Anthropologie faces backlash for featuring dancer Harper Watters in campaign

Controversy over an Anthropologie promotion with ballet dancer Harper Watters begs the question: Is backlash now par for the course as more brands attempt to promote diversity and inclusion?

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First, they came for our books, then our “Little Mermaid,” and now they are coming for our closets. The “they,” in this case, are folks seemingly intent on rejecting any and all notions of diversity and inclusion. 

Earlier this month, Anthropologie, the women’s lifestyle and apparel brand owned by parent company Urbn, released a video campaign starring male ballet dancer Harper Watters. In the video, Watters is modeling various looks currently sold at Anthropologie.  

Anthropologie, Harper Watters, Anthropologie controversy, Anthropologie backlash, Black fashion, Black style, queer Black people,
(Photo by Smith Collection/Gado/Getty Images)

“To quote @theharperwatters, “Never anthro-pologize for being fabulous! Loving these #UnexpectedAndUnforgettable looks.” (Obviously, we couldn’t agree more!),” read the post’s caption. 

Unfortunately for Anthropologie and Watters, many users on Instagram did not agree. The post was reportedly quickly ambushed by hateful comments, causing it to go viral. The comments were eventually disabled, but not before some Instagram users expressed how they felt mocked or as if the campaign was attempting to erase and replace women. Some even began calling for a boycott of all Urbn brands, including Urban Outfitters and Free People. 

Rampant and rapid-fire attacks like these are becoming par for the course as more and more brands and entities attempt to promote diversity and inclusion. No industry is safe. The entertainment industry is constantly coming under fire for casting people of color and those who are genderqueer. The beauty industry has had to navigate promoting darker skin tones and kinkier hair. All of this while legislation continues to pass throughout the country banning drag queens, nonbinary bathrooms, reproductive freedom, diversity efforts, and critical race theory in schools.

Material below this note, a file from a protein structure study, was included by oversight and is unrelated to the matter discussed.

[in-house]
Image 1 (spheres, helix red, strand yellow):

While Anthropologie has not addressed the controversy beyond disabling comments on its post, Watters took a more playful route, clapping back at one hater who took specific issue with the fact that one dress he wore was not fully zipped in the campaign. In a direct video response posted to his Instagram, Watters demonstrated that the dress does, in fact, fit him.

Watters, son of New Hampshire Senator David Watters and the first soloist and the highest-ranked Black and queer dancer at the Houston Ballet, explained that on the day of the shoot, he had been suffering from a neck injury, so he wasn’t able to zip up the dress due to the pain. 

“I’m a professional dancer; I move around and move my body and dance for a living. I don’t just sit in a chair and talk about people that I don’t know,” he quipped.

In another post, he riffed on the character of “Little Mermaid” villain Ursula, costumed in dramatic tentacles with the caption “poor unfortunate trolls 🐙.”

Between the backlash, the hateful comments on not just Anthropologie’s page but also Watters’ personal page, and even negative reaction videos tagging him, this debacle demonstrates what brands are up against. With comments like “go woke, go broke” (left on Anthropologie’s page in this instance), the intimidation isn’t felt by the brand alone. When those among us who present with any amount of gender fluidity or who are in any way different from the brand’s status quo are used in campaigns, they are potentially exposed to not only hateful rhetoric but potential threats to their personal safety. What’s become clear is that in our current climate, businesses that stand up for (or attempt to sell the idea of) diversity and inclusion are in risky business.

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